When using digital government services, we often leave more data behind than is actually necessary. The municipality of Amsterdam recently completed a pilot with Yivi (formerly IRMA), a safer and more reliable way of logging in that doesn't request or store unnecessary information. During the Transition Day in June, we identified barriers related to the implementation of new electronic identification methods (read the report here). A lack of awareness and knowledge about digital identity and privacy risks were identified as one of the major barriers. In this follow-up session, we continued with the theme of awareness and asked the Amsterdam Smart City network to come up with a “change story” and (start of) a campaign about digital identity.
Setting the scene: urgency for a digital identity in EU/NL
To seize the opportunities of digitisation, it is important that everyone in the Netherlands maintains control over their digital life while ensuring the protection of public values such as privacy, accessibility and security. The Digital Government Act (Wet Digitale Overheid) aims to improve digital government services while ensuring citizens' privacy. An important part of this law is safe and secure logging in to the government using new electronic identification methods (eIDs) such as Yivi. At European level, there are also ambitions to introduce personal EU identification wallets, that enables users to choose and keep track of their identity and data which they share with third parties.
Change story for Digital Identity
From a change management perspective, successful change requires both the technical and people sides. In the case of Digital Identity, the developments on a national and European level provide the Reason for Change. The Technical Side is already (mostly) there: Yivi. However, the People Side of the change is lacking behind. There is a growing group of citizens who feel discomfort with data collection by third parties, but many are not aware of the importance of protecting your own digital identity. Therefore, we started working on the change story around digital identity, with the People Side in mind:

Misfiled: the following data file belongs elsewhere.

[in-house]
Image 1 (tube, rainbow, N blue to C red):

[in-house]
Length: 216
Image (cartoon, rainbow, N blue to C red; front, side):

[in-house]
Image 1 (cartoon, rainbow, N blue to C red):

Once upon a time….
We had SO MANY accounts and passwords for different public and private services. For governments services, we used DigiD, which often asks for more data than necessary. Once upon a time, our data was everywhere. We were not in control of our data anymore, with the risk of data misuse.
The risk of not changing is digital fraud. New European and national legislation is designed to protect citizens. This legislation will lead to less data misuse and freedom of choice. It gives citizens more control over their data.
Yivi gives citizens control over their own data. Based on the principles of simplicity, trust and convenience.
To a happy ending…
In our dream scenario, citizens are in control of their own data through one supported solution (by national government and Europe). We cooperate at an (inter)national level to put citizens’ privacy and convenience first.
And that starts today!
This session had a good mix of participants from both public and private organisations. Business parties, such as Deloitte and Eurofiber, highlighted the importance of continuing the conversation with the private sector and think of a business model. This is necessary to get large cooperations that handle a lot of data, such as bol.com, on board too.
On this Demo day, we made a start with the change story. To really start creating more awareness about digital identity, we need to create the story for the user instead of focusing on the technical aspects. What makes digital identity wallets so different than DigiD?
The participants ended the session with formulating a change slogan: your data is and remains yours now!
This question was introduced in the Amsterdam Smart City network by Mike Alders and Frank Willemsen from gemeente Amsterdam. Both sessions were prepared with and moderated by Coen Smit from Royal HaskoningDHV. Nick Rovroy and David Koop from Flatland supported this session with their drawings. Do you have any questions or input for us? Contact me via firstname.lastname@example.org or leave a comment below.